And on the federal side, you will be checking for criminal cases in the national PACER system.

So just beware when you are conducting a criminal background check for employment or any other purpose: to do it right, the investigator may need to leave the office and review records ((paper or database) at the courthouse. Be certain that you are buying more than the fantastic beast of a "national criminal check" which is usually just convictions data.

Trying to find an old Boston, Suffolk County MA court case?

If you have a case number from a Boston, Suffolk County case but are not sure where it might be found, the first set of numbers contains a trial court code. Check this site to locate the correct district court that heard the case. For example, a case number 8905 - CR-1091 would be filed in the year 1989, in courthouse “05” which corresponds to East Boston.

After reviewing your case, stop over at Santarpios for the best Italian thin crust pizza.
santarpios
Takeout orders come right from the kitchen door on Chelsea St. Look for the tomato cans.

Other Massachusetts Superior, District, Probate & Juvenile Courts are listed here too, but Boston cases cause the most confusion because of the consolidation of the district courts under the Boston Municipal Court system. BMC Central covers downtown Boston & Beacon Hill.

Reading faces, detecting lies? Not quite...

Paul Ekman's decades of research are the backbone of the Facial Action Coding System. Ekman's books and videos explain that reading facial expressions does not automatically reveal a liar. Microexpressions may be a sign of subterranean emotions, but there is no expression that automatically signals deception.

NLP eye movement & lie detecting: Everything you know is wrong

A surefire way to detect a liar is to watch the eyes move, right? You have seen this claim in books, movies, cable TV shows, blogs, etc. When someone looks up and to the left , they are accessing a visual memory. Lee Child even has Jack Reacher doing this in one of his books.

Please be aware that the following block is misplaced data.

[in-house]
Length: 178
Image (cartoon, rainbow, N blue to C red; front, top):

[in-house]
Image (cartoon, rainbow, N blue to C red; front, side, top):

One problem: research shows it doesn't work. Even the
FBI has come around to this way of thinking.

“Twenty-three out of 24 peer-reviewed studies published in scientific journals reporting ex-periments on eye behavior as an indicator of lying have rejected this hypothesis.”

Last man/woman standing in writing contest

John Nardizzi’s “Chasing the Ghost” wins Pursuit Magazine Criminal Defense writing contest.

#BahamasLeaks


Background Check Myths - The National Criminal Check

Every investigator gets phone calls from this person. The tone excited, the tenor demanding. How can you, dear sir, charge so much when other firms offer "national criminal record checks" for $24.95?

Time to review Fantastic Beasts of Background Myths: what constitutes a “national criminal check” or “nationwide criminal background check” as the product is often described.

The national criminal check is the hippogriff of the industry, a complete myth. Usually, the firm offering this search is checking a compilation of conviction data--people who actually were sentenced to prison. However, only a very small percentage of people charged with crimes ever do any prison time. National offender databases are misleading: they miss charges that have been pled out, dismissed, not prosecuted (Nolle prosequ, the legal term of art meaning the prosecutor is unwilling to pursue the case).

Everyone is familiar with scenes from movies where a law enforcement agent runs a quick database check and gets an entire criminal history in seconds. In real life, things tend to be a bit more convoluted.

One database used by law enforcement is the National Crime Information Center (NCIC) and it is typically limited only to law enforcement. And even NCIC data is riddled with gaps, with as many as 50% of all criminal cases failing to hit the database. So how do you proceed to check a person for crimes committed across 50 states in the USA?

Convictions data is a start but we always go back to the primary sources of criminal records: the state court system. On the state side, this means searching a higher court (Superior Court) that handles major crimes in a particular county, as well as lower courts with more limited jurisdiction. These courts are called district courts or municipal courts. Don’t make the mistake of skipping this step as district courts can hear cases involving serious criminal matters; for example in Massachusetts, some felony cases are found in district court.

And on the federal side, you will be checking for criminal cases in the national PACER system.

So just beware when you are scanning someone for a criminal history: to do it right, the investigator will probably need to leave the office and pull some paper records. A thorough investigation will take more than just a database search.